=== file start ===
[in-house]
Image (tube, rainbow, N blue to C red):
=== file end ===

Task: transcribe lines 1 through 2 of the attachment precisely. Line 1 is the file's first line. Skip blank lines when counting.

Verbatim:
[in-house]
Image (tube, rainbow, N blue to C red):